Northern Ireland news

Boris Johnson's Ballymurphy apology branded 'totally insincere'

An apology made yesterday by British Prime Minister Boris Johnson in relation to the Ballymurphy Massacre has been branded "totally insincere" by relatives of those killed
Marie Louise McConville

AN apology by British Prime Minister Boris Johnson to the families of the Ballymurphy Massacre victims has been branded "totally insincere".

John Teggart, whose father Daniel was one of those killed, said the apology yesterday was unacceptable.

Mr Johnson's formal apology came a week after a coroner found that 10 people who died in August 1971 in the Ballymurphy area of west Belfast were "entirely innocent".

Families of those killed by members of the British Army, including a mother-of-eight and a Catholic priest, had fought for decades for justice.

Opening Prime Minister's Questions yesterday in the House of Commons, Mr Johnson read out the names of the victims.

He then said: "On behalf of successive governments, and to put on the record in this House, I'd like to say sorry to their families for how the investigations were handled, for the pain they've endured since their campaign began almost five decades ago.

"No apology can lessen their lasting pain, I hope they may take some comfort in the answers they have secured and in knowing this has renewed the government's determination to ensure in future that other families can find answers without distress and delay."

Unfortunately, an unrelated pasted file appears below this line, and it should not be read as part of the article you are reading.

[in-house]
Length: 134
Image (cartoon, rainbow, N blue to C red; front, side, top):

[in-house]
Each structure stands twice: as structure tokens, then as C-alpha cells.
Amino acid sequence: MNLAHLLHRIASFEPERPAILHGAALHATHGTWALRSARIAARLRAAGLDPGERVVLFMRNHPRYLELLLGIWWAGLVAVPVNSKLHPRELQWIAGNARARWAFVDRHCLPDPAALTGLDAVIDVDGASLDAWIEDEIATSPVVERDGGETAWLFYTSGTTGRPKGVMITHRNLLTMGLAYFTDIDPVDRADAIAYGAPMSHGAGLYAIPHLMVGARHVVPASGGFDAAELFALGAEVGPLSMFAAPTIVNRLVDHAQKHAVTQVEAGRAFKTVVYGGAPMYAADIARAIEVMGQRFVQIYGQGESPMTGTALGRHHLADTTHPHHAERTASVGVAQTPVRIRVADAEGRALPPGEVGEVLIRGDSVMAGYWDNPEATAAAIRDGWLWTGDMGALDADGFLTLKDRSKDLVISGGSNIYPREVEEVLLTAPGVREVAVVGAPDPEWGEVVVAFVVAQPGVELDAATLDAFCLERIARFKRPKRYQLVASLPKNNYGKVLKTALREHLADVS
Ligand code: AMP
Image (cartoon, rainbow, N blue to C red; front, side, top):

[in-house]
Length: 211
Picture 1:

However, the apology was rejected by families.

Mr Teggart described the apology as "totally unacceptable", adding that he personally rejected it.

Speaking to BBC Radio Foyle, Mr Teggart said the apology had "caused annoyance to the families".

Mr Teggart said it should have focused on "our loved ones who were murdered" not how the investigation was handled.

He also ruled out ever meeting the prime minister saying he "wouldn't waste a minute of his time with him".

"I won't be letting him annoy me any more, I have no time for him and his feeble attempts to apologise," he said.

Mary Kate Quinn, whose uncle John Laverty was killed, tweeted to say the families had not been informed that Mr Johnson would be making a statement.

She wrote: "We found out from journalists. Yet again, that was not an apology. Boris did not apologise for the killings of our loved ones."

Mr Johnson's handling of the government's apology had previously been heavily criticised.

He last week sent a letter to the Ballymurphy families to apologise to them in writing however this drew an angry response from the relatives, who claimed he should be making a public statement in parliament.

They also criticised him for referring to the killings as "events" rather than a "massacre".

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